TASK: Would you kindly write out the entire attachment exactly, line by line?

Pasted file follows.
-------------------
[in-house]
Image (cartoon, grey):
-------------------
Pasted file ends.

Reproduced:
[in-house]
Image (cartoon, grey):